Kuala Lumpur: When Mohamadou Sumareh steps onto the Bukit Jalil Stadium pitch where more than 80,000 expectant fans will turn out to see Malaysia host Thailand in the first leg of the AFF Suzuki Cup semi-final on Saturday, he may afford himself a smile when thinking about how it all began.

Ever since he was a young child, the single-minded 24-year-old had only one dream and that was to become a professional footballer. Unfortunately for Sumareh, his parents did not share the same view and would force him to study rather than pursue his passion.

But as many young children do, Sumareh continued to defy his elders, feeling when it came to his destiny, he knew best. As the forward prepares for the biggest game of his career to date, it appears he may just have been right.

“My parents were against me playing football as they were quite strict and wanted me to focus on school, so they wouldn’t let me out,” revealed Sumareh.

“So I would get slippers, place them on the floor and dribble past them like they were defenders. The wall was my teammate, so I’d pass to it and it would pass back.

“But one day I sneaked out and asked some other boys on the street if I could join them. They had never seen me before and at first said ‘no’. Eventually they let me play and when I got the ball, I dribbled past all of them and scored.

“They found out where I lived and any time they were going to play after that they would come to my house and ask me to join them.”

While clearly talented, the battle with his parents continued when he was in high school, with Sumareh having to take extra classes rather than join in P.E. lessons.

His big break, in a sporting sense, came when one of the specially arranged classes was cancelled and the then teenager decided to go and ask the sports teacher if he could take part.

“He told me the principal had told him I wasn’t allowed to play, but I kept asking and eventually he gave in and said I could go in goal,” said Sumareh.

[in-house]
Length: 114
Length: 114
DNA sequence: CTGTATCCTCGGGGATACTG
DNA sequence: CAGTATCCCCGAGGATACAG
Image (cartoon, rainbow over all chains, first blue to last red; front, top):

“But I got really bored and decided to dribble the ball out. I got past everyone and scored. After that the teacher went to the principal and said he really needed me for the school team.”

When the time arrived for Sumareh to go to university, he had already decided there was no turning back, feeling that if he wanted to be a professional footballer he had to act now.

He packed his bags and left home in the middle of the night, staying with friends as he arranged trials with various teams in Malaysia in the hope that one would offer a contract.

The risk, it appears, was worth it as the forward already has a Malaysia Premier League (the country’s second tier) title under his belt and in 2017 finished runners-up in the Malaysia Super League and Malaysia FA Cup, before making his first appearance for his country this year.

“I was planning my holidays outside of Malaysia when I got a call from Coach Tan (Cheng Hoe),” revealed Sumareh, who made a scoring debut against Sri Lanka.

“He told me I was called up for the national team, but at first I thought it was one of my teammates playing a joke. In the end, I thanked him very much and told him I was really happy to be part of the squad.

“I came on in the second half. I was under a lot of pressure but I saw it as a time to challenge myself, I wanted to show people I was worth my place. I gave everything and luckily I scored and it was such a great feeling that I can’t describe.”

On Saturday, Sumareh will face the biggest challenge of his career to date against the defending champions Thailand. Given his determination to make it to this stage in life, there’s little doubt he will be up for the fight.